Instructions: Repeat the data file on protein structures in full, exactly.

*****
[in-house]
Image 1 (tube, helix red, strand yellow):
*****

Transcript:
[in-house]
Image 1 (tube, helix red, strand yellow):